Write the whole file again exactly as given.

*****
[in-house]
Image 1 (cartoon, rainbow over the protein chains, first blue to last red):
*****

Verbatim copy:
[in-house]
Image 1 (cartoon, rainbow over the protein chains, first blue to last red):